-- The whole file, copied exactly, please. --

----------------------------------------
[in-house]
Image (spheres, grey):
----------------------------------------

[in-house]
Image (spheres, grey):